Studies show that bull trout were also abundant in the Pend Oreille River and some tributaries at one time as were the mountain whitefish, Osterman said.

Adult fish migrated downstream from Lake Pend Oreille and then upstream into Priest River and Pend Oreille River tributaries to spawn. After hatching and rearing in tributaries for a few years, young bull trout would migrate out of the tributaries and then upstream in the Pend Oreille River to rear in Lake Pend Oreille.

This migration pattern was eliminated in Washington tributaries with the construction of Albeni Falls Dam in 1952.

Joe Maroney, director of the Kalispel’s fishery and water resources, said U.S. Fish and Wildlife Service reviews westslope cutthroat trout populations in this region every five years.

“We hope they see we are doing something and on our way to recovery,” Maroney said.

There is always speculation and misinformation about fishery management programs, said Bill Baker, WDFW fisheries biologist.

There is no intention of eliminating every brook trout, pike or other non-native species that are popular with some anglers. The plans won’t involve every tributary or every run of river or lake.

Bass will stay, for example.

The bass population is increasing but it has shifted to smallmouth from largemouth bass.

Osterman described the public response to eradication of northern pike, a non-native species a few years ago, as “northern pike brush fire.”

He said it was an example of everyone not believing in the science and data. But the studies showed the pike numbers skyrocketing and other species being hurt, so pike eradication began.

Osterman said they are learning as they go.

They have looked at other streams where fish recovery won’t be possible and said there is no need for expensive rehabilitation work there, Osterman said.

What works

Cee Cee Ah Creek was the beginning and a good example of what is underway on many tributaries now.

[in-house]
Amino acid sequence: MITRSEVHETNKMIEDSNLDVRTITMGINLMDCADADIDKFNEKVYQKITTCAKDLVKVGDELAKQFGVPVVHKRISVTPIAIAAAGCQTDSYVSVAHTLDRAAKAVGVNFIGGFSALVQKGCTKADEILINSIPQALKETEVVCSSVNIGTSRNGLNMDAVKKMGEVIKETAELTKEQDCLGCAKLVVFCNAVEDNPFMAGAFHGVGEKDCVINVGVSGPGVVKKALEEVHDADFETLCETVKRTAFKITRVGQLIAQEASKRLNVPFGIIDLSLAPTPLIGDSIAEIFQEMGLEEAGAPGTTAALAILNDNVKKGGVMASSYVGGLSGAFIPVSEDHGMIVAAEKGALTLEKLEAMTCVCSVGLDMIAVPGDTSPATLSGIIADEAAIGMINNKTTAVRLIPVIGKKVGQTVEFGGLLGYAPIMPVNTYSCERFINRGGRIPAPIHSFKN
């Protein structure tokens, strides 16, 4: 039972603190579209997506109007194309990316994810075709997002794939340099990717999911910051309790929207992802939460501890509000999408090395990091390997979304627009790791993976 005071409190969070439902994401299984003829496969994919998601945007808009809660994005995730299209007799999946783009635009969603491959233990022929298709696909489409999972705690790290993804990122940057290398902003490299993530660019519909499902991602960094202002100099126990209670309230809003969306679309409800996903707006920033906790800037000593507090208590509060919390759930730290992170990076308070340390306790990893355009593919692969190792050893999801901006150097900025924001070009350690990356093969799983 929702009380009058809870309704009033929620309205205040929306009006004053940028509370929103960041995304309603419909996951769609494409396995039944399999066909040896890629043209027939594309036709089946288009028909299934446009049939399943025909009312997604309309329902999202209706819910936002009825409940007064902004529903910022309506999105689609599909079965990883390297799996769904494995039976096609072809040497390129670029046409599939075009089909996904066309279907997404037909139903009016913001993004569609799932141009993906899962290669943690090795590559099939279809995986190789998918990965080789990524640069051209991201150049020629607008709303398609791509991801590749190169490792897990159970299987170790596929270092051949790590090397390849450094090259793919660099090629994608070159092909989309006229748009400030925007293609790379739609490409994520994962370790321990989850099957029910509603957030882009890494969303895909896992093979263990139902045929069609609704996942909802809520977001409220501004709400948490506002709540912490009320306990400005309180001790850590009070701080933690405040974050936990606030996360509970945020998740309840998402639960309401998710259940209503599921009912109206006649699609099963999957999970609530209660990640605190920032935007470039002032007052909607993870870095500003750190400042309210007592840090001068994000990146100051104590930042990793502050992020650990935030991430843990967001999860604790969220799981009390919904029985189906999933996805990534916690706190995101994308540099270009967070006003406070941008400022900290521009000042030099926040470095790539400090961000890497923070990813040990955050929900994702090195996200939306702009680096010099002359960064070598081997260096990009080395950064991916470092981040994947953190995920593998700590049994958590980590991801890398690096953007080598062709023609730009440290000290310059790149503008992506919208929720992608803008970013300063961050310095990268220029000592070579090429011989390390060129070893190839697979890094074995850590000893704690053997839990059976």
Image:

They used rotenone to kill an introduced population of brook trout. On some streams they instead used electroshock so they could salvage the native fish.

Biologists also learned that simply cleaning up the water and putting downed trees into the water for habitat didn’t go far enough if aggressive non-native fish species were in the stream, too.

In northern Pend Oreille County, the Mill Pond Dam removal and restoration of its largest tributary, Sullivan Creek, is the most notable of the recovery projects in this region.

Along with the dam removal, the PUD built and is successfully operating a pipe system that moves cold water from the depths of Sullivan Lake to Outlet Creek, which feeds into Sullivan Creek above Mill Pond.

One of the most visible of the projects underway throughout the region is placement of trees and wood structures in creeks to create natural fish habitat.

Engineers built logjams in seven reaches of streams. Next summer they will use a helicopter to place trees in selected locations with limited access. The final phase that involves tipping trees into Sullivan Creek is scheduled to be completed by 2020.

“Make it as good as can be,” said Steve Winter, senior hydrologist for Natural Systems Design, the contractor hired by Seattle City Light to do the restoration work on Sullivan Creek.

Logging and other activities have changed the creek, Winter said. A common logging practice had been to clean the stream out to move logs down it.

Winter described how the practice removed hiding places for fish and sped up stream flow.

“For fish that was a big deal.”

Other projects include Seattle City Light building an unusual fish hatchery on Skookum Creek near Usk.

The hatchery will allow fishery managers to breed and grow genetically pure westslope cutthroat trout from individual streams. Biologists say this is important for the survival of the species.

And at Box Canyon Dam last summer, a fish ladder was built to aid the recovery of native species. Testing will begin this year.

The upstream trap-and-haul type fishway consists of two independently operated entrances, a 27-step fish ladder, a pre-sort holding pool, and then a sorting facility.

Target fish will be identified, measured and tagged before being delivered upstream. Non-target fish will be released either immediately above or below the dam depending on whether they are native to the Pend Oreille River.